The ‘Changing family structures: The Will writing industry in 2018’ research paper provides new and insightful findings about the Will writing industry in the UK. It builds on the findings from our first Will writing industry report, ‘A changing landscape: The Will writing industry in 2017’. Both papers provide a general overview of the Will writing industry but this year’s report has a specific focus on changing family structures and the implications for Will writing services.
The research, conducted by an independent researcher, explores:
The proportion of UK adults who have a Will with a breakdown by demographics
The methods most commonly used to write a Will
How family dynamics impact Will writing services
What family members are most frequently named as beneficiaries
The number of people who have been in a dispute about the contents of a Will.
This research is a must-read for Will writers to understand how the industry is changing around them so we’ve conveniently summarised the highlights in this blog post.
Watch the video below for a quick overview of the research highlights or read on for more in-depth findings.
More UK adults have a Will but those most at risk still don’t have a Will
The research reveals that the proportion of UK adults with a Will has slightly increased in comparison to last year. The analysis in our first research paper – ‘A changing landscape: The Will writing industry in 2017’ – showed that only 39% of Brits currently had a Will. In 2018, the proportion of adults who have a Will has increased to 45% but there is still a large number of people who have not yet made arrangements for how their assets will be distributed.
The report reveals that 58% of adults who are married or in a civil partnership have a Will but only 30% of adults that are living as married have a Will. Additionally, one in three (33%) adults who have children in the household have written a Will. The number of cohabiting couples and parents without a Will is particularly worrying as it is more probable that their wishes will not be followed if they were to die intestate. By creating a valid Will, they could ensure that their estate is distributed as per their wishes, whilst also protecting their loved ones.
The law on Wills is likely to undergo some radical changes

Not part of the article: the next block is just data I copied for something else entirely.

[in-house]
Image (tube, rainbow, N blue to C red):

The research also highlights how the law on Wills could undergo some radical changes in the coming years, following on from the Law Commission launching a public consultation with the view to reform the laws around Will writing last summer. The reforms are likely to update the laws to account for societal changes and technological and medical advances.
Of specific relevance for this research paper, the Law Commission notes that one of the significant changes relevant to a review of Wills law includes “changing patterns of family life, for example, more cohabiting couples and more people having second families”. The potential legislative changes may help the law catch up with the changes in some family structures. This could mean that the reforms may consider changing the rule that marriage should revoke a Will, therefore reducing some of the discrepancies between married and unmarried couples.
Will writers call for awareness to be raised through public campaigns
Interviews were conducted with Will writers and legal professionals in order to get their view on the industry findings. Many of the interviewees noted that a lack of information or misinformation had resulted in adults not taking steps to think about writing a Will. In part, this was due to the nature of the subject, but also not being armed with the information to act. Many interviewees suggested that awareness raising through public campaigns would help address this issue, with some direct and pertinent messages. The following statements highlight some of the approaches that could be adopted to support better decisions around Will writing.
“The problem is the audience of the message. A lot of the information in the press is incorrect. If you try to advertise, it reminds people that they need to write a Will – they don’t know why or what it will achieve. It will provide a prompt but not a call to action. It is a really difficult issue. A lot of people have a problem talking about death until it touches them and then something may have gone wrong. It is a complicated situation.
It is more about education – but you have to make them want to drink the water by pointing out what will happen if they don’t do it. There is no immediate gain and they don’t personally benefit. So there has be real motivation.”
- Cherry Shiel, Cardinal Wills
“STEP is endeavouring to work with the media to try and highlight the importance of Wills. We are aware that the statistics are low and that more people should be considering their Wills. There is a degree of nervousness about going to see an advisor. A lot of people don’t know what their assets are or what their tax relief provisions might be. They may not have considered their pension, their life insurance, or how their family home is held at the land registry.”
- Emily Deane, STEP
“People entering their second marriage should be told that they are about to revoke their Will and disinherit their children because you say ‘everything I have, I give to you’. This information should be given to you when you marry and it is a tough message to give at that time. Most second marriages don’t take place in a church and the official will be a registrar, who is a good person to give you that message. They could tell you that you are about to revoke your Will at that planning stage. All newlyweds should be more informed. It is easy to pass the message that if you get married, you need a new Will but no one ever tells you that.”
- Neil Fraser, Northumberland Wills & Probate
If you want to find out more about the Will writing industry in 2018, download your own copy of the report today.